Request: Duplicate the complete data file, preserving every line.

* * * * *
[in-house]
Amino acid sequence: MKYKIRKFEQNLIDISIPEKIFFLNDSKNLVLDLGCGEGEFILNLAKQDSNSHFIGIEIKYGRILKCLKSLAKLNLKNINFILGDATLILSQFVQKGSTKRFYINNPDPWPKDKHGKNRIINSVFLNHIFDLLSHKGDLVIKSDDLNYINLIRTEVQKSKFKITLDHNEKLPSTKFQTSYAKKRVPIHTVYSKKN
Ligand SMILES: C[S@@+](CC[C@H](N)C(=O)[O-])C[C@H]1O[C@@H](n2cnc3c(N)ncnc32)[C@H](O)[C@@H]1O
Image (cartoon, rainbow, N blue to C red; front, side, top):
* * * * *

[in-house]
Amino acid sequence: MKYKIRKFEQNLIDISIPEKIFFLNDSKNLVLDLGCGEGEFILNLAKQDSNSHFIGIEIKYGRILKCLKSLAKLNLKNINFILGDATLILSQFVQKGSTKRFYINNPDPWPKDKHGKNRIINSVFLNHIFDLLSHKGDLVIKSDDLNYINLIRTEVQKSKFKITLDHNEKLPSTKFQTSYAKKRVPIHTVYSKKN
Ligand SMILES: C[S@@+](CC[C@H](N)C(=O)[O-])C[C@H]1O[C@@H](n2cnc3c(N)ncnc32)[C@H](O)[C@@H]1O
Image (cartoon, rainbow, N blue to C red; front, side, top):